Some in the news media and televangelists call the current conflict between Israel and Hezbollah the beginning of the end of the world or the beginning of World War III. Certain Protestant preachers have for years said that the end of the world is near and that Jesus’ Second Coming is imminent, basing their prophecies on the New Testament Book of Revelation, or the Apocalypse, and other apocalyptic writings from the Old Testament. They forget, though, what Jesus said in the Gospels: that only God the Father knew when the end of the world would be (Mark 13:32-37). They seem to presume too much.
Franciscan Father Stephen Doyle provides a Catholic commentary on the Book of Revelation, explaining why today’s people do not understand what the author of Revelation is talking about. The Book of Revelation was written for people who lived during the time of the author, traditionally accepted as St. John the Apostle, who is named in the Book - although it was common to use the name of a more widely known person to add more weight to writings.
There are several books akin to Revelation in the Old Testament - Daniel, parts of Ezekiel, Judith, and others. This apocalyptic literature is full of symbolism, using code words or names to hide the real message from persecutors. If the persecutors of the faithful came across this subversive writing, they would either not know what it meant or think it was something from the past. This provided protection for those who understood the writing’s symbolism and codes. So the Book of Revelation is not a prophecy for the twenty-first century Christian, as some preachers would say.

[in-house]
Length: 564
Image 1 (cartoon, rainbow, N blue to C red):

The Book of Revelation is not useless for today, though. It can be a great source of encouragement and solace for those enduring persecution, illness or the trials of life, though not a prophecy of some future or imminent return of Christ. It is a symbolic record of the victory of the Church over the world of evil, especially during the days of the Roman Empire. The Left Behind book series are nice fictional books (this reviewer has read most of them), but they are not a possible script of events soon to be realized in our world. If we trust in Christ and live the life that He calls us to live, why worry about the future?
Fr. Doyle uses the New Revised Standard Version of the, presenting the scripture verse(s) and his own commentary as well as other scriptural verses, writings of the Church Fathers, and other sources. He ends chapters (of which there are 53, varying in length) with reflections from scripture, Church documents or other sources. A short bibliography includes some Protestant commentaries on the Book of Revelation and is followed by an index.
Doyle tries to clear up the confusion over the interpretation of the last book of the Bible following the directives of the Second Vatican Council’s Constitution on Divine Revelation and other Church authorities. This book is highly recommended to those wanting a better understanding of the Book of Revelation without an overly academic commentary.
Fr. Stephen Doyle is the author of A Retreat with Mark (1998), Understanding the New Testament (1989), The Gospel in Word & Power (1982), The Acts of Jesus’ Apostles (1982), 1-2 Thessalonians and Galatians (1980) and Covenant Renewal in Religious Life: Biblical Reflections (1975).